Harry Smith discusses the final stages of the Battle of Long, logistics, C2 and reinforcements were key components of the battle after D Coy became decisvely engaged.
This is Part IV of our interview with LT COL Harry Smith, the OC of Delta Coy / 6 RAR at the Battle of Long Tan. If you missed the first episode, check it out here.
While you are listening to this episode have a think about what is the role of Battalion HQ and TF HQ when a Coy becomes decisively engaged? How can the higher HQ assist in battle management?
Harry talks about the weapons that they had – for those with the SLR there were 3 magazines of 20 rounds, plus extra rounds in cardboard boxes on each soldier. Altogether they fired 10,500 rounds of small arms ammunition. What was the process for ammunition resupply and how the RAAF supported the mission, despite it being against RAAF standing orders. Long Tan logistics were one of the key actions that enabled D Coy to survive long enough for the NVA/VC to start their withdrawal.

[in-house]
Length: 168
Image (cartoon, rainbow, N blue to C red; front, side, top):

Interestingly enough, D Coy had some Armalites that had been handed down from 1RAR. Although they were short of cleaning equipment, Harry thought they worked really well. He requested Armalites to replace the Owen guns which he didn’t think had enough stopping power. The Armalite was the forerunner of the M-16 which had a very troubled introduction into service in Vietnam. The M-60 had trouble with rounds dragging through the mud and jamming. Only half of the M-60s were still firing at the end of the battle.
What was the process for the organisation of reinforcements? Why did it take so long for reinforcements to be organised?
What happened after the battle? Who retained the battlefield and why was retaining the ground so important?
Harry talks about his experience and memories from when he walked the battlefield in the daylight of the next morning.
We’ve also interviewed Dave Sabben about the Battle of Long Tan who gave the story of the battle from the perspective of a Lieutenant.